- China has launched a new campaign, loosely translated as "National Sword 2017," that has led to the confiscation of 22,000 tons of imported material so far, as reported by Resource Recycling. In addition to plastics, metals and electronics, this effort is also targeting drug and gun smuggling operations.
- This campaign aims to limit the amount of plastic and other material going to unregulated facilities without proper pollution controls within China. Some facilities have already been shut down and shipments have been sent back to their country of origin.
- According to the China Scrap Plastics Association (CSPA), the country's General Administration of Customs has made 90 arrests and shut down 15 smuggling operations in a coordinated effort that involved hundreds of police officers.
The CSPA estimates that the new practice of inspecting all imports could potentially quadruple lead times and increase shipping costs for all involved. National Sword is expected to continue for a year, though some industry professionals believe that these standards could become the new baseline going forward.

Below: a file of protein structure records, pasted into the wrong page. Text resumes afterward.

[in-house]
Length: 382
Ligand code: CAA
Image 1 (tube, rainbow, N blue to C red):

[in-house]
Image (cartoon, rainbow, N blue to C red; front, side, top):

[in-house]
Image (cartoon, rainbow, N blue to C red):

While these moves may increase costs in the short-term, they are expected to help the Chinese companies that are abiding by regulations operate on a more level playing field. As more modern processing facilities begin to open in the region, China has an opportunity to improve its own domestic recycling markets by keeping out imports of material that don't meet specifications. This follows a multi-year shift, driven in part by a prior incarnation of this current campaign called Operation Green Fence.
Even though some forwarding agents have reportedly held back shipments from going to China in the wake of this new campaign, it's too early to say how U.S. markets will be affected. The U.S. recycling industry's big three companies all reported improvements in their commodity prices, but they've also taken steps to insulate themselves from future shifts indicating that significant improvements may not be expected in the near future.